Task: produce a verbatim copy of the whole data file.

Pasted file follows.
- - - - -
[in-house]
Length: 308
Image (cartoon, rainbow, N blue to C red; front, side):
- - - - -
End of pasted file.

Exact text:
[in-house]
Length: 308
Image (cartoon, rainbow, N blue to C red; front, side):